Only 100 days left – is your business ready for GDPR?

Nicolai Nobis
Nicolai Nobis

From 25 May 2018, the general data protection regulation of the European Union comes into effect and violations against it will be prosecuted. For the first time, there will be an equal data protection law throughout of Europe. Each country will be able to add paragraphs wherever the GDPR allows it. For Germany, the Bundesdatenschutzgesetz (BDSG) has been updated to suit the regulations from the EU.

But what kind of data is protected by the regulation and what does data processing include exactly? In a nutshell, the regulation covers all personal data of any real person that lives in the European Union. Even if they visit websites from outside. So should your business have their base outside of the EU, but your website has EU citizens as customers or visitors, you will need to be ready for GDPR. Processing data means all kinds of working with data: capturing, saving, reading, writing, organizing, transmitting and finally deleting personal data. Anyone, who has access to and could process data is a data processor in the eyes of the GDPR.

How can you comply to the new rules and regulations until 25th of May 2018? It’s not too late and we will give you a quick list of things to work on immediately:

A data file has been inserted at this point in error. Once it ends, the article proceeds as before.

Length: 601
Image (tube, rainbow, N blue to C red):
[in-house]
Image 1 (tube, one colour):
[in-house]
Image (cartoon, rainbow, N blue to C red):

• Hire or name a Data Protection Officer (DPO)
  • Update all relevant documents and agreements
  • Research and create a data processing index
  • Teach your employees and let them commit to data protection
  • Implement automatic processes to secure rights of afflicted people
  • Change Privacy Policy of your website or app

Be aware that the amount of work should not be underestimated. It would be wise to have a task force deal with it rather than just one person. We recommend to start with a budget and a roadmap to get all work done on time. This will already present you with a clear outlook on all things that need your attention. In any case, you should know about data protection by May. Be it as a company or as an afflicted person yourself.

The necessity of complying to the rules of data protection also stems from much higher fines that were introduced in the GDPR. Violations against these regulations will be prosecuted and punished by fines up to 20 million Euro or 4% of a company’s yearly revenue. Whichever of these is higher.

It is hard to understand that some companies haven’t even heard from this significant change yet. Nonetheless, there is no reason to panic. Most important for now is to resolve all uncertainties regarding the necessary changes for your company. Then, start focusing on working on it.

Share this article